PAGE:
Did you make the mistake of going to a national tax preparation firm in 2009, 2010, or 2011? Our experience tells us that you might want us to review that return. We don’t keep any accurate statistics on this matter, but roughly speaking, those returns that we review are wrong about 20% of the time. How can this be? Well that is a long story that requires some understanding of how those places operate. Nevertheless, you might have a 20% chance of hitting the lottery by bringing that return to us to review. We might find that you paid too much tax in one or all of those years. If you did, you have until at least 4/15/2013 to amend those returns to get some of that tax back.
Common areas where they err: college credits, self-employment income and deductions, health insurance deductions, daycare credits, farm income, clergy income, S-Corp tax returns, capital-loss carryforwards, Indiana 529 credits…the list goes on and on.
We don’t charge to review your return…why not give it a shot?
Congress and the President decided to cut the Social Security tax that workers pay by 2% in 2011 and 2012. The law originally was designed to last for 2011, but at the end of 2011, Congress decided to extend it for 2012. Will Congress decide to extend it for 2013…I am guessing that they won’t. How much will this law change cost you? The math is fairly easy…but here is a calculator that will help you more accurately calculate the impact to you:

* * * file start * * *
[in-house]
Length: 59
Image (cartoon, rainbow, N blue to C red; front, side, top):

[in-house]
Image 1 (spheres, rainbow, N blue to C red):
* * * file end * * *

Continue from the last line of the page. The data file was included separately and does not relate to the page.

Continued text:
I hear this question everyday. What will Congress do? Will tax rates rise? Of course, I don’t know the answer, but my past experience tells me that Congress will do something before it comes time to file your tax return.
See, the situation that we are hearing about in the news isn’t new. Congress has gotten in the bad habit of passing laws that are effective for one year only. That means that the taxpayers don’t know the laws that apply to the year until the year is about over. Of course, this doesn’t make sense in any logical sense. How can you plan when you dont know the rules that you are playing by?
Why does Congress pass laws that are effective for only one year…and then often pass them at the end of the year in which they are effective? Many insiders think they do this so that they can get lobbying attention each and every year. Why pass a law that lasts forever and lose power over that issue when you can have domain over that issue each and every year.
I am not going to prognosticate on what Congress will do. But I will venture to guess that this isn’t the last year that Congress will wait until the last minute to make up their mind on the tax law until the end of the year. I have seen this consistently happen for at least the last 8 years…I bet that it will continue to happen.